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My Daily Paleo Diet

Like most people, I eat a varied diet, though, as I follow a Paleo diet (the Paleo Autoimmune Paleo or AIP) that means my diet is pretty much restricted to vegetables, fruit, meat, poultry, fish, offal (organ meats), good fat, and herbs and non-seed spices. So, consequently, I don’t eat grains, legumes, nightshade vegetables (ah, I do miss tomatoes, as they’re one of my favourite foods), and most nuts and seeds.

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Why No Grains On The Paleo Autoimmune Protocol

No Grains

Since I adopted a Paleo diet, I have not been eating grains. And, while I am no longer following the GAPS diet, grains are also forbidden on the Paleo Autoimmune Protocol (which I will refer to as AIP during the remainder of this post). But, whereas a more mainstream Paleo diet avoids grains since humans didn’t eat grains during the Paleolithic, on the AIP we are told not to eat them because they are highly allergenic and have relatively low nutritional content. So, today I will outline the some of the different reasons why those following the AIP should give up grain.

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Liver, Marvellous Liver

I have a confession to make: I used to be a confirmed liver hater. But now I love the stuff. While I don’t eat it every day, I consume it at least once a week, sometimes more. I just love how many nutrients it has, and how satisfied I feel after eating it. I mainly eat lamb, beef and chicken liver, as they’re the ones I find easiest to buy. I would eat others if available near me, but sadly not every sort I’d like to try is available.

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Fermented Vegetables: Fermented Carrots In Brine

I realised something the other day: I’ve fermented so many different beverages, and fermented lots of different vegetables, but I’ve never fermented any vegetables in brine. This is the method where you chop vegetables up into large chunks or leave whole, then add brine to cover. I am very surprised I have never used this method before , as it’s a lot easier to do than sauerkraut.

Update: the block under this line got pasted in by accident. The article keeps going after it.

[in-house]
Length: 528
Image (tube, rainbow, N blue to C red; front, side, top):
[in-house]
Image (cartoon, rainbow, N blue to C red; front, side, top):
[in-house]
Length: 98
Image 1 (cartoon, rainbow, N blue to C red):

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Fermented Beverages: How to Make Water Kefir

Water Kefir Fermenting
Water Kefir Fermenting

Fermented beverages aren’t just very tasty, they’re also very healthy, and easy to make at home. In an earlier blog post I discussed how to make Kombucha, so today I’ll be outlining how to make my other favourite fermented beverage, Water Kefir. Like Kombucha, Water Kefir is a probiotic rich liquid that is both delicious and healthy. And, Water Kefir is simpler to make than Kombucha: only water and sugar, plus some Water Kefir Grains, are needed.

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Why I Don’t Practice Intermittent Fasting

Intermittent fasting is popular among people in the Paleo world. It involves restricting yourself to eating two large meals a day, often substituting coffee made with butter or coconut oil for breakfast, and instead eating your first meal of the day around midday, and your last around 6 or 7. But, I don’t practice it for many reasons. I did try substituting coffee made with ghee and coconut oil last year, a.k.a, a “bulletproof” coffee, but I was ravenous around one hour after my coffee, so I had to eat my normal breakfast soup. So, that ended my brief experiment with intermittent fasting. I have, after reading the Paleo Approach, discovered that there’s so many reasons why I shouldn’t even think about trying it again.